I haven’t written about menswear here since the great customized pinstripe discussion from almost a year ago, but I can’t stop thinking about what a clever choice Vivienne Westwood’s harlequin-evoking tuxedo was for Chris Colfer at the SAG Awards last night (look, the SAG awards are a snoozer, but clothes are fun and since I get to vote in them I do feel faintly obligated to watch).
Aside from the fact that the man knows how to wear a suit and seeing him going a little more daring in that regard was delightful, the more I’ve pondered the various origins of what we think of as the harlequin, the more taken I am with this choice. A trickster, an acrobat, and a being that runs around with a bunch of demons chasing damned souls to hell is some pretty powerful stuff. It’s also some pretty clever and wry stuff when the person sartorially referencing this bit of theatrical history is a young performer and writer who just happens to be gay in what is still a homophobic culture.
Making it all even more delicious is the fact that the Vivienne Westwood suit’s harlequin details only extend from the shoulders to mid-chest, so what we’re looking at isn’t the full garb of the harlequin, but merely the mantle. All clothes are about playing a role, of course, especially clothes worn for the camera at an awards ceremony, but this particular tuxedo, on anyone, is explicitly so.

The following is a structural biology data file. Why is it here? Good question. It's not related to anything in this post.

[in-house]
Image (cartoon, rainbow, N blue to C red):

I haven’t the faintest idea if anyone in Colfer’s camp thought consciously about the motif of the suit, although I imagine all those people are certainly smart enough for it to be a possibility.
Regardless, I can’t stop being tickled by what I read immediately as a playful and intellectual skewering of a weird business and its intersection with an often cowardly culture. Reception is only within an artist’s control to a profoundly limited degree, and I love seeing that celebrated and played with, even if my experience of such is well outside its original intent.